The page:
HUNTINGTON BEACH : City Delays Action on Cutting Budget

The City Council this week delayed dealing with a $922,000 anticipated general fund shortfall until later this month or early February.

City Administrator Michael T. Uberuaga requested the postponement due to the uncertain impact the Orange County bankruptcy could have on the 1994-95 budget.

Uberuaga said at the special budget meeting that the county bankruptcy has “thrown a different twist” on balancing the $96-million general fund budget.

“With a 30-day delay, we wanted to get a better idea of the bankruptcy impact,” he said.


Uberuaga said the county bankruptcy could cause further revenue reductions and a larger shortfall.

He said the city could lose between $500,000 and $800,000 in interest payments from the $43.6 million it has frozen in the county’s investment pool. Also at stake is about $2.5 million in property taxes still owed to the city.

Council members suggested that the budget shortfall could be reduced from savings through attrition. Uberuaga said 68 employees retired from the city in the last year.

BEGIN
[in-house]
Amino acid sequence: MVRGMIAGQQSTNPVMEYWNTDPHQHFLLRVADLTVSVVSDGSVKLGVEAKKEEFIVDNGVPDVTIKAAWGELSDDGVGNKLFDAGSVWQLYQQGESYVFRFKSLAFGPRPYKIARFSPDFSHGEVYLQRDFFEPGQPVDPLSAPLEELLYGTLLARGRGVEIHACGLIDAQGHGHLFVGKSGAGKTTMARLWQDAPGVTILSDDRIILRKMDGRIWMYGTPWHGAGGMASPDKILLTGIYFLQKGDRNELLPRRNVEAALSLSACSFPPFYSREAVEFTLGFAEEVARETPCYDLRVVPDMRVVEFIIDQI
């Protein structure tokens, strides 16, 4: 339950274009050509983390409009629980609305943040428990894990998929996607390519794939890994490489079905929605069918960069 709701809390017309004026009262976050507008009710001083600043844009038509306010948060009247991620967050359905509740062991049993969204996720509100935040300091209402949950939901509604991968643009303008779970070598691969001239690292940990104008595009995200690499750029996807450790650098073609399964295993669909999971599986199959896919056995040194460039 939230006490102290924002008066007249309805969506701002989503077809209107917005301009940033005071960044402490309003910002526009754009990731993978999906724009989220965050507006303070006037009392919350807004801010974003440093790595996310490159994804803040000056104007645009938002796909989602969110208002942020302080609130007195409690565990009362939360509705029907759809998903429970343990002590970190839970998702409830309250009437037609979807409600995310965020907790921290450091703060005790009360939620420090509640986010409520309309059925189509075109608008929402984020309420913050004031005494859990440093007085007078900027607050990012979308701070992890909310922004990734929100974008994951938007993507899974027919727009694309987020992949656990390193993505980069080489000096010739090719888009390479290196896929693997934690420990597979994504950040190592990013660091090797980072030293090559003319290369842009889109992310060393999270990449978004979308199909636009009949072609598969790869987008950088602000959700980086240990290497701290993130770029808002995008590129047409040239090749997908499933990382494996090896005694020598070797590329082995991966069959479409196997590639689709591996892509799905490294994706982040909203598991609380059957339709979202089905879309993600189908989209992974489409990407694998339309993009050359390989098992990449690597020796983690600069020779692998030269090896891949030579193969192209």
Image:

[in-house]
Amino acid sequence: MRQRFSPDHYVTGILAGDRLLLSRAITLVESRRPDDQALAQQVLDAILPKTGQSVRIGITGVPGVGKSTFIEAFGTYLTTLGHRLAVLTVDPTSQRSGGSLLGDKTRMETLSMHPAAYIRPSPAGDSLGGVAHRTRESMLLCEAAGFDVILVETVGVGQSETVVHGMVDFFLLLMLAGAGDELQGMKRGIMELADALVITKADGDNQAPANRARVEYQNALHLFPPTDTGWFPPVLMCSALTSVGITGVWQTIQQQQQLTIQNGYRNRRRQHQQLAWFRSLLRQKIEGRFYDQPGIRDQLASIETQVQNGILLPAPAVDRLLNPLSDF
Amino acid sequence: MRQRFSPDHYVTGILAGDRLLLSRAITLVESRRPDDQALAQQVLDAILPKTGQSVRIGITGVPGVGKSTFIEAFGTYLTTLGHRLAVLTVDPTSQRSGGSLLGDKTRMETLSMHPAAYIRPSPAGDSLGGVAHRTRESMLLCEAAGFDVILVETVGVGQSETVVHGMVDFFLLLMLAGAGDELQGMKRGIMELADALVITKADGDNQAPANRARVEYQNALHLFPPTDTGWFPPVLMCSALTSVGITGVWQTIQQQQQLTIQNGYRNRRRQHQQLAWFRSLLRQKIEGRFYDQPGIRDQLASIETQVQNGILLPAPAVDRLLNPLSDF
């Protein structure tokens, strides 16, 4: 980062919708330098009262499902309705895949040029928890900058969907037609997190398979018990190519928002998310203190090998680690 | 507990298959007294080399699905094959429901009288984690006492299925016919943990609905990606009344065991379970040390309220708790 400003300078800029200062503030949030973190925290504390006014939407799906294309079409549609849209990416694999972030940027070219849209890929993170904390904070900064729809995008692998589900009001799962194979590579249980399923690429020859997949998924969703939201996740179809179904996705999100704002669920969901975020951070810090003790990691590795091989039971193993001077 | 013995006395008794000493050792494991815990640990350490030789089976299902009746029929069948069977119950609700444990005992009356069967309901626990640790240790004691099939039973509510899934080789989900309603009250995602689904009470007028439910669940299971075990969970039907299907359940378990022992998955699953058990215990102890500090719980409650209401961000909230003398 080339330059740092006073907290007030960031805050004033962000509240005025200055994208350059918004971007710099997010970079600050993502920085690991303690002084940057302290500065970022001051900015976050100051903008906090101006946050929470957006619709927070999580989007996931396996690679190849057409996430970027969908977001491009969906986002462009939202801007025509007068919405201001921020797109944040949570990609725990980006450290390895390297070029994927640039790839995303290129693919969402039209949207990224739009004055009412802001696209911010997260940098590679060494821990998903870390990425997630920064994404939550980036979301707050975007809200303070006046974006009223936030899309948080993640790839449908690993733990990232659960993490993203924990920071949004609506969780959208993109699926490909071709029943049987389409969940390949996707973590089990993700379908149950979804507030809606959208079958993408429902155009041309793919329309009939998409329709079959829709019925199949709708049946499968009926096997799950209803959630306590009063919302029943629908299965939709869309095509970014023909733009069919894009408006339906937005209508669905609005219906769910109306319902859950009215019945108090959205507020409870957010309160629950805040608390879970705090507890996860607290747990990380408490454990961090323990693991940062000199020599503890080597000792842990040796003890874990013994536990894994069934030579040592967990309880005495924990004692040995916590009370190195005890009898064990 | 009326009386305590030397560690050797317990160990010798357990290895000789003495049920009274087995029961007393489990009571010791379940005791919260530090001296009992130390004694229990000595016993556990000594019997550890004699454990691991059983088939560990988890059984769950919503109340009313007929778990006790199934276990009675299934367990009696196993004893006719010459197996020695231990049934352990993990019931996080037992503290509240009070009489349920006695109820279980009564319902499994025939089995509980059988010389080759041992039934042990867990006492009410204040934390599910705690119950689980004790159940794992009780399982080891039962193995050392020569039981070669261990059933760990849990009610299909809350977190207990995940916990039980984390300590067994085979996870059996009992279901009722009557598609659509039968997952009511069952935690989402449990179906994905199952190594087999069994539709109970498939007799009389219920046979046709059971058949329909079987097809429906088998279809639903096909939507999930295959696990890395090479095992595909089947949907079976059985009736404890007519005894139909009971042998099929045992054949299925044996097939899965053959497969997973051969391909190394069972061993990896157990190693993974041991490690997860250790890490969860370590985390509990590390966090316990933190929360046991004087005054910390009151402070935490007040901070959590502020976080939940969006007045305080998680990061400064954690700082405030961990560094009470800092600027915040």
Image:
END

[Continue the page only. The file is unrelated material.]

He said normally between 25 and 30 people retire a year.


Uberuaga is expected to present recommendations to the council on ways to eliminate the budget shortfall. A public hearing is also expected to take place at a later date.

While the council voted unanimously to wait 30 days, some council members expressed a sense of urgency to deal with the deficit.

Councilman Ralph Bauer, who voted against the budget in September, said he disagreed with a delay and was prepared to make cutbacks to balance the budget.

Mayor Victor Leipzig also said that not operating with a balanced budget is an “embarrassment to the City Council.”


The budget deficit was created in part because of the past council’s desire not to cut public safety services, as well as programs and services for senior citizens and youths.